Have you ever noticed the disparity between flight times when going to and returning from one city? For instance, flying from London to New York takes just over 8 hours, while the reverse journey takes under 7 hours. Similar results can be found when flying from the West to the East. Here’s why it is quicker to fly eastwards.
Nothing to do with rotation
While many might think the earth’s eastward rotation is the reason behind the faster eastbound journeys, this isn’t accurate. The earth’s rotation actually has nothing to do with the speed of a flight, as NASA’s Robert Frost explains in Forbes. Just like the rotation of the earth doesn’t speed us up while walking from east to west, similarly, it does not affect a plane’s speed either.
The rotation of the earth is only an indirect factor in explaining why plane journeys are faster when flying eastwards, despite looking like the intuitive answer. The real answer has to do with a concept known as jet streams.
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The reason for quicker flights while flying eastwards are jet streams. Put simply, they are fast-flowing, narrow air currents in the atmosphere found at high altitudes. These currents are formed due to atmospheric heating from the sun’s radiation and the earth’s Coriolis force (defined as a rotating object has a force perpendicular to the rotation axis). These factors cause combined caused jet streams.
The most prominent jet streams are the polar stream and subtropical streams, located at 60 and 30° north and south of the equator. The former is the stronger stream, causing much faster winds than the latter. Most airlines on transatlantic and transpacific routes use the polar stream while planning flight paths.
Jet streams can be as strong as 80 to 140 miles per hour, going all the way up to 275 miles per hour. These strong winds come with significant upsides and downsides for commercial air travel and could be changing soon.
The first time jet streams came to use in commercial aviation was in 1952 on a flight from Tokyo to Honolulu. Flying along jet streams cut the journey down from 18 hours to a mere 11.5 hours, flying just under 25,000 feet. Airlines quickly realized the value of jet streams and started implementing them while planning routes.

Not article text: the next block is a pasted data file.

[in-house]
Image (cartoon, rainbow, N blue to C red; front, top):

Since the jet streams flow from the west to east, they make one leg of the journey much faster (when flying with the stream) and one slower (against the stream). Returning to the example from New York to London, we see flights may take even a slightly longer route to benefit from the jet stream. This means the journey from JFK to LHR can take around six and a half hours, the flight from LHR to JFK takes seven and a half hours.
Even on shorter transcontinental flights between cities New York and Los Angeles, jet streams can impact the flight time by nearly an hour. On long-haul transpacific routes, these streams can be extremely helpful for passengers and airlines. By following the polar stream, flight time from Tokyo to Los Angeles is just nine hours and fifty-five minutes, versus the 11 hours and forty-five minutes in reverse.
Last February, a British Airways 747 beat the transatlantic subsonic speed record thanks to strong jet streams. The aircraft made the JFK to LHR hop in just four and fifty-five minutes, a brand new record, flying at the speed of over 800 miles per hour.
In short, jet streams can drastically cut down flight times and reduce fuel burn, both their important revenue and environmental concerns for airlines. While this sounds like a win-win for passengers and airlines, there are some drawbacks.
While jet streams can speed up flights, they do have a significant drawback: clear air turbulence. Clear air turbulence (CAT) is sudden severe turbulence that occurs in a cloudless sky, causing violent shaking of the aircraft. It occurs when a slow jet stream interacts with a fast jet stream, creating a pocket of extreme disturbance. CAT is also impossible to visually detect or by aircraft radar, unlike other forms of turbulence.
According to a report in Conde Nast Traveler highlights a study that says CAT is set to rise in frequency by 170% and become worse due to global warming. This means flying through jet streams will only become riskier in the coming years.
One major CAT accident occurred onboard United flight 826 from Tokyo Narita to Honolulu International in 1997. This happens to be the exact route when jet streams were first used on a commercial route.
Sudden CAT caused the aircraft to fall 100 feet, causing severe spine and neck injuries to 18 passengers. One passenger, who wasn’t wearing their seatbelt, died due to the sudden turbulence, highlighting the threat of CAT.
While the flight time might be shorter when flying from west to east due to jet streams, that doesn’t particularly help passengers. Studies seen in Travel and Leisure have shown that passengers suffer from more jet lag on eastbound flights, which means shorter flights leave lesser time to adjust and grab some shut-eye on such long-haul routes.
In summary, jet streams are the reason why flights take shorter when flying from the west to the east, than the other way around. While they do help to shave off a few hours off extremely long flights in some cases, they do come with some significant drawbacks too.
Do you notice the difference in flight time when flying in either direction? Should airlines avoid jet streams due to the growing risk? Let us know your thoughts in the comments!